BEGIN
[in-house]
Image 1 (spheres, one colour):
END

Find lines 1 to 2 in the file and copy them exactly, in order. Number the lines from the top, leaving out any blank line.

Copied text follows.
[in-house]
Image 1 (spheres, one colour):